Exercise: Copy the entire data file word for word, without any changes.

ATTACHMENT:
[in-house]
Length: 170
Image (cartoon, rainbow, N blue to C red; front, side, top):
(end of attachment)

[in-house]
Length: 170
Image (cartoon, rainbow, N blue to C red; front, side, top):